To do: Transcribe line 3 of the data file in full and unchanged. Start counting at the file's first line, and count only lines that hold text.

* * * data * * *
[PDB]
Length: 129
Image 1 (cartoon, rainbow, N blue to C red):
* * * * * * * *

Image 1 (cartoon, rainbow, N blue to C red):